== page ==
It is on the record that he is receiving medical treatment for a, as yet, unconfirmed illness. It is far from clear at this stage whether he is coming back to the frontline.

This should give pause for thought given his presence in the power-sharing executive has been pivotal for the past decade. His letter said, with a hint of regret, that he had always "sought to maximise the potential of the institutions for forward progress in a society emerging from bitter conflict".

The bottom line is this mess was utterly avoidable. Amid the confusion and uncertainty about what happens next, one thing is clear. Voters should hold Arlene Isabel Foster to account for her willingness to lay down Northern Ireland’s assembly for her own political life.

Kevin Meagher was former special adviser to the last Labour Government’s Northern Ireland Secretary, Shaun Woodward and author of ‘A United Ireland: Why unification is inevitable and how it will come about,’ published by Biteback.

Kevin Meagher is associate editor of Labour Uncut and a former special adviser at the Northern Ireland office. 

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Rising crime and fewer police show the most damaging impacts of austerity

We need to protect those who protect us.

Today’s revelation that police-recorded crime has risen by 10 per cent across England and Wales shows one of the most damaging impacts of austerity. Behind the cold figures are countless stories of personal misery; 723 homicides, 466,018 crimes with violence resulting in injury, and 205,869 domestic burglaries to take just a few examples.

It is crucial that politicians of all parties seek to address this rising level of violence and offer solutions to halt the increase in violent crime. I challenge any Tory to defend the idea that their constituents are best served by a continued squeeze on police budgets, when the number of officers is already at the lowest level for more than 30 years.

This week saw the launch Chris Bryant's Protect The Protectors Private Member’s Bill, which aims to secure greater protections for emergency service workers. It carries on where my attempts in the last parliament left off, and could not come at a more important time. Cuts to the number of police officers on our streets have not only left our communities less safe, but officers themselves are now more vulnerable as well.

As an MP I work closely with the local neighbourhood policing teams in my constituency of Halifax. There is some outstanding work going on to address the underlying causes of crime, to tackle antisocial behaviour, and to build trust and engagement across communities. I am always amazed that neighbourhood police officers seem to know the name of every kid in their patch. However cuts to West Yorkshire Police, which have totalled more than £160m since 2010, have meant that the number of neighbourhood officers in my district has been cut by half in the last year, as the budget squeeze continues and more resources are drawn into counter-terrorism and other specialisms .

Overall, West Yorkshire Police have seen a loss of around 1,200 officers. West Yorkshire Police Federation chairman Nick Smart is clear about the result: "To say it’s had no effect on frontline policing is just a nonsense.” Yet for years the Conservatives have argued just this, with the Prime Minister recently telling MPs that crime was at a record low, and ministers frequently arguing that the changing nature of crime means that the number of officers is a poor measure of police effectiveness. These figures today completely debunk that myth.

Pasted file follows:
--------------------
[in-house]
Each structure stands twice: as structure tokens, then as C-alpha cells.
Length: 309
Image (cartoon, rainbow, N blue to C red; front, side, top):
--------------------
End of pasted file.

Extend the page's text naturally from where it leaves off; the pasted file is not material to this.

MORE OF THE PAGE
Constituents are also increasingly coming to me with concerns that crimes are not investigated once they are reported. Where the police simply do not have the resources to follow-up and attend or investigate crimes, communities lose faith and the criminals grow in confidence.

A frequently overlooked part of this discussion is that the demands on police have increased hugely, often in some unexpected ways. A clear example of this is that cuts in our mental health services have resulted in police officers having to deal with mental health issues in the custody suite. While on shift with the police last year, I saw how an average night included a series of people detained under the Mental Health Act. Due to a lack of specialist beds, vulnerable patients were held in a police cell, or even in the back of a police car, for their own safety. We should all be concerned that the police are becoming a catch-all for the state’s failures.

While the politically charged campaign to restore police numbers is ongoing, Protect The Protectors is seeking to build cross-party support for measures that would offer greater protections to officers immediately. In February, the Police Federation of England and Wales released the results of its latest welfare survey data which suggest that there were more than two million unarmed physical assaults on officers over a 12-month period, and a further 302,842 assaults using a deadly weapon.

This is partly due to an increase in single crewing, which sees officers sent out on their own into often hostile circumstances. Morale in the police has suffered hugely in recent years and almost every front-line officer will be able to recall a time when they were recently assaulted.

If we want to tackle this undeniable rise in violent crime, then a large part of the solution is protecting those who protect us; strengthening the law to keep them from harm where possible, restoring morale by removing the pay cap, and most importantly, increasing their numbers.

Holly Lynch is the MP for Halifax. The Protect the Protectors bill will get its second reading on the Friday 20th October.